Im talking about a paradigm shift in awareness and orientation and covers , and the habits you need to remove/establish in order to make it usefull and ingrained.

IE detstroying the block mindset more so than the moves themselves which are effective used in other ways.
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Re: Good talk on blocks

Postby Stryke » Fri Feb 06, 2015 9:12 pm

Image

https://www.youtube.com/watch?v=10b2ZTYmmWA

Notice the blading and angling , Now why would anyone take this position ? , now it might of been only 1/3 of a second or so but watch it go back in the clip....

should we be watching to block or watching the ques ? and is it the same thing .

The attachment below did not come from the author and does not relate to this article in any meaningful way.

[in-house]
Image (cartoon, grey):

Is one defensive and one pro-active?

waht about the other 42.5 seconds in the clip of warning
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Re: Good talk on blocks

Postby Van Canna » Fri Feb 06, 2015 11:57 pm

We still don't know what caused the fracas and why the guy on the phone got picked on...anyone know?

And the phone guy gets in the face of the crazy woman, he gets spat upon and is wiping it off his face when he gets hit.

Now let's say he saw it coming and decides to engage in some way this brute of a man...would he have avoided a beating or gotten a worse one?

This is all part of a tactical situation that any good teacher must ingrain in a student.
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Re: Good talk on blocks

Postby Van Canna » Sat Feb 07, 2015 4:24 am

With very few exceptions ...Never expect a 5'1, 95 lbs. small guy to prevail against a 6'5, 300 lbs. big guy with his bare fists.